When natural disasters strike, our first instincts are to phone or text loved ones; check news and social media sites; and go online to lend support. These connections become our lifelines. In the process, mobile devices become paramount in connecting people to people and people to data.

That’s why the Internet of Everything (IoE) is so critical. In the moments immediately following a disaster popular social media networks, like Facebook and Twitter, serve as quick ways to locate loved ones. At the same time, social media allows those affected to inform multiple people at once that they are okay, with a simple tweet or post.

In a recent Forbes article titled “Everything Changes with the Internet of Everything,” Kevin Maney discusses how the Internet of Everything changes the way we respond in time of crisis. For example, the Google Person Finder (launched during the 2010 earthquake in Haiti) shows how the Internet can make a big difference during emergencies. People can access the site via mobile device or computer and enter into one of two portals to exchange information: “I’m looking for someone” or “I have information about someone.”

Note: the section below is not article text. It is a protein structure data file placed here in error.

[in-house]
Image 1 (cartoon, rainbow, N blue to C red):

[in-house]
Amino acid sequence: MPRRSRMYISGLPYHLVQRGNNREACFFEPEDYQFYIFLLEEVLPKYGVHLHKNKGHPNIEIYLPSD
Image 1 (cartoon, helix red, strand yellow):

Similarly, a networked power grid can pinpoint outages, enabling faster trouble shooting and allowing fellow citizens to lend support (or even power strips, as seen during Superstorm Sandy) where needed. These connections bring communities back together.

We often talk about the power of IoE to connect the unconnected. For disaster recovery, that power is amplified. Through the Internet of Everything we can help expedite recovery and create a more efficient disaster-response effort by connecting processes, data, things and, most importantly, people. When that happens, we’re able to improve the human experience.

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